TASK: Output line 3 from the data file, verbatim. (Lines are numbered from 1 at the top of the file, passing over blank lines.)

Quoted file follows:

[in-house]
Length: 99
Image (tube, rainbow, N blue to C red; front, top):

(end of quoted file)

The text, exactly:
Image (tube, rainbow, N blue to C red; front, top):